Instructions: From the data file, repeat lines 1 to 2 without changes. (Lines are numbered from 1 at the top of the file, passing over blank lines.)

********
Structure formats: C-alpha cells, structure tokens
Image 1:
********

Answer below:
Structure formats: C-alpha cells, structure tokens
Image 1: